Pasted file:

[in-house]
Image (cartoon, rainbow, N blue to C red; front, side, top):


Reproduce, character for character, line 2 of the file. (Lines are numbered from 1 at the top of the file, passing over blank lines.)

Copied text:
Image (cartoon, rainbow, N blue to C red; front, side, top):